• Geranium/Rose Geranium—these common potted flowers are some of the best for keeping away ticks and mosquitoes 3. You can plant them around your yard and use the essential oil as a natural topical bug repellent.
  • Cedarwood—cedar has long been used as a natural insect repellent among Native peoples. Farmer’s Almanac recommends a simple cedar essential oil spray as a natural insect repellent 4.
  • Thyme + Citronella—citronella has been registered as a biopesticide with the EPA since the 1940s, and is well-known for its ability to repel mosquitos. However, researchers found that when it’s combined with thyme, it’s up to 91% effective at repelling ticks too5.
  • Lemongrass—in one study lemongrass showed up to 95% efficacy for repelling mosquitoes 6, and there is evidence it works on ticks too 7.
  • Spearmint—in one study, spearmint (and thyme) was found comparable to a 20% DEET solution for repelling ticks attached to clothing 8. It’s also excellent for repelling mosquitoes . Bonus: plants from the mint family are also effective at repelling spiders.

In my experience, these oils also repel gnats and other bugs.

This is not an exhaustive list of all the essential oils that can repel bugs. But it should give you a good starting point to begin experimenting with different oils and combinations.

How to Make Your Own DIY Natural Bug Spray


If you’re into essential oils, saving the planet, saving money and being self-sufficient, you’ll love making your own bug spray.

Here's a basic DIY Bug Spray Recipe:

  1. Combine 1 cup of water, with a quarter cup witch hazel and 20-30 drops pure essential oil.
  2. Store in a glass or stainless spray bottle (because essential oils will break down plastic).
  3. Shake, apply and refill as needed.

You can also add the essential oil(s) to a carrier oil, like jojoba or almond oil, and rub it into your skin. 

I personally prefer the spray because I can apply it all over (to our hair, shoes, etc.) without a mess. But, the essential oil/oil option is great in a pinch.

Tip: Many DIYers swear by combining several different essential oils to enhance effectiveness. Based on the research, this is probably a good idea…especially if you live in a very buggy area. 

Another tip: Make sure you’re buying 100% pure, uncut essential oils from a reputable brand.

You don’t have to spend a small fortune buying from a multi-level-marketing company to get pure products. Just do your research and make sure your oils are 100% pure essential oils that are not diluted down with carrier oil or any added synthetic fragrance. Anything less than 100% pure will not be effective.

Where we live (Western North Carolina), a simple Rose Geranium spray always does the trick.

Effective Premade Natural Bug Sprays

Not into making your own all-natural bug spray? No problem. Here are a few excellent all-natural brands that are easy to find:

  • All Terrain Herbal Armour, a combination of citronella, peppermint, cedar, lemongrass and geranium in non-GMO soybean oil (they have a kid’s version too).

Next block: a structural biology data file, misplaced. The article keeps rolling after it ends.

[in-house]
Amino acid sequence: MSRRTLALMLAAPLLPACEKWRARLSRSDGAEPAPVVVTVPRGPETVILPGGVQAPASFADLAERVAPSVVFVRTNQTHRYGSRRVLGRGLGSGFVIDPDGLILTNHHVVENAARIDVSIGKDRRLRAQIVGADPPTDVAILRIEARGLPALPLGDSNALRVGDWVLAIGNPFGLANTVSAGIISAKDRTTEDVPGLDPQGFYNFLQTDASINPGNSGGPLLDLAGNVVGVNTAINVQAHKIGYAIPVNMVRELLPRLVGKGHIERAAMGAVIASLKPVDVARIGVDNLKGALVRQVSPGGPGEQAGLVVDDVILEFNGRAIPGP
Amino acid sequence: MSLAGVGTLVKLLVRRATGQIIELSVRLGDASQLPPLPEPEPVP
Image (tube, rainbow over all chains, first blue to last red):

• Quantum Buzz Away is a great smelling option, and contains geranium, cedarwood, peppermint and lemongrass with castor oil.
  • Repel Lemon Eucalyptus, is one of the most popular natural bug sprays and contains lemon eucalyptus for 6 hours of bug protection.
  • Babyganics has a nice gentle formula for babies containing citronella, peppermint, rosemary, lemongrass and geranium.
  • Badger Organic Bug Spray, is a great one for purists and contains citronella, cedar, lemongrass, rosemary, geranium) and peppermint in a castor oil/soybean oil base.

If you must use chemical bug spray...

If you or your children are in the deep woods and you feel you must use “the hard stuff” (or that’s your only option), you can reduce exposure by applying it to shoes-only and/or on clothing vs. directly to large areas of the skin.

It’s also a good idea to spray it outdoors, and hold your breath while you spray it and wash your clothes ASAP. This reduces inhalation and ingestion. 

Do not apply indoors, in tents, etc. And have children remove their clothes before going to bed, sitting on furniture, etc.

To wrap it all up...

Bugs are generally just a nuisance. But they can be really bad news…especially for babies and young children.

Fortunately, there are effective natural alternatives to synthetic pesticide-based bug sprays that are supported by science.

Whether you make one yourself or try out one of the brands listed above, you may be surprised how well they work…I know I was!

Wishing you a happier, healthier and less-buggy summer.


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Kristen Boye

Kristen Boye is the editor of Rethink:Rural and the owner of Holistic Writing Concepts---a copy and content writing company specializing in the natural health and green living markets. Kristen lives with her husband and two children on their medicinal herb farm in beautiful rural Western North Carolina. Visit her online at: